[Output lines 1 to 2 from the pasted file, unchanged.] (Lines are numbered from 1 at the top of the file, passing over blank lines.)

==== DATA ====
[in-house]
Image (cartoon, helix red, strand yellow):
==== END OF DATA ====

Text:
[in-house]
Image (cartoon, helix red, strand yellow):